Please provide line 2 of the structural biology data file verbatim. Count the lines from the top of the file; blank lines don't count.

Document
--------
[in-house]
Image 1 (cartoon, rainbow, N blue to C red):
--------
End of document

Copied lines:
Image 1 (cartoon, rainbow, N blue to C red):